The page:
What is the cause of patients’ enamel loss?
Investigative process examines negative impact on oral health
A good friend of mine recently traveled to Hawaii for a
vacation and experienced a sting by a sea urchin. Unless
this happens to you or someone you know, it sounds very
mundane, right? Apparently, this spiny creature leaves the
spines deeply embedded in the foot or hand.
The best way to treat this happens to be a large pan of
vinegar that is used for several days as a soak. Soaking the
embedded spines, which are mostly calcium carbonate, in
vinegar dissolves them. Using a tweezer only causes the spines
to break off into smaller pieces. Eggs have
been used in science experiments to show
the dissolution of the shell in a jar of vinegar
liquid over a period of time (egg shells are
made of calcium carbonate as well). So, what
does this have to do with tooth erosion and
There is a trend right now to use vinegar
as a weight-loss technique. The person uses
a shot glass and consumes vinegar once or
twice a day. This is seen more often now in
the United States, but it has been practiced
in some countries for hundreds of years.
Some publications tout the use of vinegar
as being beneficial in controlling digestive
issues such as GERD. The idea presented is
that we do not produce enough acid as we
age, and the added vinegar adds to acid in
the GI tract to aid digestion.
Gastroenterologists do not promote
this treatment and warn patients about
using vinegar in this way. If the dental
professional notices thinning enamel, are we asking the
questions related to vinegar use as well as other causes
listed in this column?
Huysmans et al. (2011) describe both erosion and erosive
tooth wear: “Erosion is a partial demineralization of enamel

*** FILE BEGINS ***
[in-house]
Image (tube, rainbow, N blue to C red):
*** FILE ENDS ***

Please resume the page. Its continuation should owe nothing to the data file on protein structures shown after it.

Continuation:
or dentine by extrinsic acids. Erosive tooth wear is the accel-
erated loss of dental hard tissue through the combined effect
of erosion and mechanical wear (abrasion and attrition).”
Bruxism falls into this category of mechanical wear. Any
acid below 5. 5 pH can dissolve the hydroxyapatite crystals
in enamel. GERD is known to produce dental erosion and
halitosis (Marsicano et al. 2013). Patients complaining of
halitosis should be questioned about GERD. The connection
with tooth enamel changes is often not evaluated in its
Erosive tooth wear has increased noticeably in children,
young adults, and adolescents during the past few decades.
At one time, soda consumption was not an issue, nor was
the bleaching craze in existence that we are witnessing in
recent years ( Willershausen
et al. 2014).
The combination of acidic food/beverage consumption with low pH, acidic
products used in the mouth,
bleaching of teeth, GERD,
bruxism, or disordered eating practices may be promoting a faster, more noticeable dissolution of the
When the enamel is softened by acidity, habits such as
bruxism, improper brushing, or even gastroesophageal issues
make the enamel less able to combat damage. The dietary
habits of society have changed as well. More fiber-rich, crunchy
foods are consumed, and when used on soft enamel, there is
more destruction of the tooth surface. Willershausen et al.
state that other foods contain vinegar as well, such as mustard,
ketchup, salad dressings, and pickles, to name a few.
NANCY W. BURKHART
EdD, is an adjunct
associate professor in the
Baylor College of
Dentistry and the Texas A
& M Health Science
Center, Dallas. Dr.
Burkhart is founder and
cohost of the International
Oral Lichen Planus
Support Group (dentistry.
coauthor of General and
Oral Pathology for the
Dental Hygienist. She was
awarded a 2016
American Academy of
Oral Medicine Affiliate
She was a 2006 Crest/
ADHA award winner. She
is a 2012 Mentor of
Philips Oral Healthcare
and Penn Well Corp. She
can be contacted at
Image of a patient with enamel loss.
Note the loss of dental anatomy in
Image of a radiograph with evident loss
of enamel in mandibular first molar.